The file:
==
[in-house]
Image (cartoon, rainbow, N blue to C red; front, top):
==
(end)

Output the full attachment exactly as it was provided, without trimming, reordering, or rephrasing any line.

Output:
[in-house]
Image (cartoon, rainbow, N blue to C red; front, top):